Finishing Photos For Feeling
Perfectly Clear is not only my favorite tool for finishing portraits, it’s also excellent for finishing landscapes so they look the way I felt when I was making the photograph, and the new Perfectly Clear Essentials has everything I need. Let me show why I chose these settings to make my picture look its best.
I was hiking before sunrise looking for wildlife when I came up over a ridge just as the sun was coming over the mountain to my right. The canyons below me were filled with fog and as the sun rose, the wind picked up and it was blowing these clouds of fog around in the canyons like a stormy sea. Then the sun illuminated this little island of trees and I felt lucky to see it. Forest fires nearby had put lots of particles in the air, which made the sun rise more orange than usual, which contrasted nicely with the shady side of the clouds glowing blue from the light of the blue sky. It felt like the kind of thing you see in a BBC Nature movie, and that’s the kind of feeling I wanted to see in my picture on the computer.
Instead, I saw this bland picture of trees in a cloud on my monitor.
It turns out that cameras aren’t very good at recording feelings.
Just Get Started
In order to look like the feeling I had when I shot, this picture needed a lot more punch, but not in a gritty way like clarity or structure tools are likely to do. It needed contrast in both tone and color, and the best way to get that is with Perfectly Clear.
Now, I’m saying it needed tone and color contrast to look better, but I usually don’t go into Perfectly Clear with that kind of specificity in mind. The more I use it, the more I know what I can draw out of a picture file, but it’s absolutely normal for me to go into Perfectly Clear and just start messing around with the sliders, and that’s a good way to become more and more familiar with its capabilities. If you don’t know exactly what your picture needs, the most important thing is to simply get started and mess around.
Start with Tone
Tone is a great place to start. The Exposure slider here is marvelous. It brightens the dark areas, but it’ll never over brighten the light areas. I knew this when I shot the picture, so I purposefully made sure that the clouds were not too bright to begin with. Perfectly Clear does an exceptional job of brightening dark areas in pictures, and it does it without desaturating the colors. Protecting and enhancing the available colors was essential to get the color contrast that I needed here.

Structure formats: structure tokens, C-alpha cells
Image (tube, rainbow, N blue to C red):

Every time I make an exposure adjustment, I also make a Depth adjustment. Sometimes the Exposure adjustment on its own doesn’t look good–it’ll make the picture look flat because it’s only brightening the dark areas. Depth brings the contrast back into the picture but keeps the detail and color looking great. I just toggle between the High Contrast and High Definition settings to see which one looks best in each case.
Color Makes the Magic
You shouldn’t think that your picture needs to look significantly different than when you started. Many times, the Tone section is all I need to get the right look on my picture and my wife can barely tell the difference (of course, I can see a huge improvement, but I’m more critical of my work). But this one definitely benefitted from the Color section, too.
I pretty much work it top to bottom and then go back to the top to tweak things again, and I constantly click the check boxes on and off so I can see what effect an individual slider is having.
Fidelity is great for bringing back the real tones of blues and purples and greens. In this case, it helped keep the range of blues in the clouds, as well as brought back a little brown into the trees instead of a homogenous and unnatural green that the cameras make of most foliage.
Tint correction helped maintain the warmth from the sunrise. While using these, I simply move the slider until it’s clearly too much, then back it off to where it looks pretty good.
Sky and Foliage Enhance are some of the best new features in Perfectly Complete Version 3. The Enhance sliders alter the colors in your photos, lending them a slightly different hue. In this case, the Sky slider helped the clouds stay blue like I remembered while experiencing the moment, and the Foliage gave a warmer hue to the trees as well to help with the contrast between the sunlit areas and the sky-lit areas.
And with that, my picture is looking really good and it looks the way I remember it felt to be there. I shoot in the mountains a lot at sunrise, so I’m going to save this as a preset that I can use again to get started with my finishing in the future.
Take a Break and Come Back
The most important step when finishing landscape photos is to leave them alone for a while–the longer the better–and then come back and look again. You’ll often find that the colors are a little strange or that you’ve just gone a little too far in the finishing. It’s ok to get excited and move every slider in every plugin and go crazy, but it’s good to come back with fresh eyes and make sure you didn’t go overboard.
Whether you’re using Perfectly Clear Complete or Essentials, the color and tone tools will help every picture look its best and help rescue your work from the blandness of reality and allow you to present it with the feeling you had when you made the picture.